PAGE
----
WE ARE A MAGAZINE ABOUT LAW AND JUSTICE | AND THE DIFFERENCE BETWEEN THE TWO
February 19 2024
WE ARE A MAGAZINE ABOUT LAW AND JUSTICE | AND THE DIFFERENCE BETWEEN THE TWO
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Would you Believe it?

Would you Believe it?

In the first article in this series, I referred to the way the “Justice Delusion” can lead people to believe things that they simultaneously know to be untrue, how faith or ideology can lead us to justify ‘the system’ in defiance of the evidence.  I suggest in this article, that recent political statements have illustrated a similar technique of delusion.  This may be self-delusion or simply an attempt to delude others, but it is the same mode of thinking that operates to maintain injustice at every level.  In this article I will reflect on a few recent political postures and how this may parallel with the mode of thinking employed to sustain miscarriges of justice.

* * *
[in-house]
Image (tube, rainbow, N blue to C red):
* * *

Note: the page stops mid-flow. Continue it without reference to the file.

On the, now well distributed, LBC interview when asked if Israel has the right to cut off water and power to Gaza, Keir Starmer stated “Israel does have that right”.  He has since back tracked on his apparent support for genocide by saying he was answering the previous question that was asked.  Were this not so serious, it would be funny and reminiscent of the brilliant two Ronnies Mastermind sketch where the contestant answers the previous questions Here. But this is serious, much more so than Boris and his lockdown parties that we got so worked up about.  Not only is the potential future prime minister lying (or deluded?) and supporting genocide but so is the current one: Rishi Sunak addressed Israel’s PM with the comment “I know you are taking every precaution to avoid civilian causalities”.  Perhaps Mr Sunak does not take an interest in the news and has not seen the devastation of Gaza, the flattened neighbourhoods, and the human carnage.  This lack of awareness is a little worrying for a Prime Minister!